The summer break has been a wonderful reminder of New Zealand at its best – a free society brimming with opportunity. Inevitably, though, politics returns. Parliament resumes on 12 February, and the Government will continue its experiment of seeing how much bad policy the economy can withstand before it runs out of steam.
Watch the Working Groups
A capital gains tax, a return to nationally-negotiated wages for entire industries and removing school autonomy will join last year’s policies of banning oil and gas exploration, tying foreign investment up in red tape and ending the charter school model.
The Simplest Argument Against a Capital Gains Tax
The simplest argument against a CGT is that it’s double taxation. It punishes saving and investment by taxing it twice. It is not about fairness as its advocates claim, but the idolisation of envy. It is the wrong philosophy in a country that should be celebrating success.
But, But, But…
The classic argument for a capital gains tax is something like this: “Why should someone who works pay up to a third of their income in tax when someone who makes the same amount of money from their shares or their own business appreciating in value pay none at all?” It’s a great argument on the face of it but it misses something.
Why It’s Double Taxation
There’s no point in holding an asset – a business or rental property – unless you can get income out of it or sell it to someone else who will. The value of a capital asset depends on the annual income it provides, and that income is already taxed.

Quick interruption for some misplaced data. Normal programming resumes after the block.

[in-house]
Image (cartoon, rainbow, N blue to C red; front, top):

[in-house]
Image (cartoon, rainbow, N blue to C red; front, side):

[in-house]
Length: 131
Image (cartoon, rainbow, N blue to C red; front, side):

Selling a Million Dollar Business
Someone who buys a million dollar business knows they’re going to be taxed on every dollar of income they eventually receive. Without company tax it would be worth $1.39 million, but the buyer knows they’re going to pay 28 per cent on income, so it’s only worth a million. If you built the business, your capital gain has already been reduced by $390,000 from the buyer factoring in the tax they’ll have to pay.
Then They Tax You Again
A capital gains tax means you’re taxed again when the asset is sold. At the top personal tax rate of 33 per cent that’s another $330,000. The total loss to the hapless bugger who built the business is $390,000 plus $330,000, making a total of $720,000 – more than half the value.
What About Housing?
Nobody in Sydney, London, Los Angeles or Vancouver believes a capital gains tax has made housing affordable. Even the Tax Working Group told the Government a CGT will not achieve housing affordability.
A capital gains tax is administratively clunky, requiring valuations and arguments over inflation and what passes as a new class of investment and whether you can leave capital gains to your kids. It’s foolish that a country that has always struggled with a shortage of capital would seek to further punish capital accumulation. These are good reasons to object, but they are not the real reason.
The Real Objection
This summer showed the best of New Zealand – strong and free. It’s a place where canny people have built a special society at the edge of the earth, based on successful values. The real problem with a tax on success is none of the technical issues, but the simple fact that a society that seeks to tax success will have less of it.